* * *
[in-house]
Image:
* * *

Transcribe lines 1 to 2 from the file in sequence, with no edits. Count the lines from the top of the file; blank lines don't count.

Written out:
[in-house]
Image: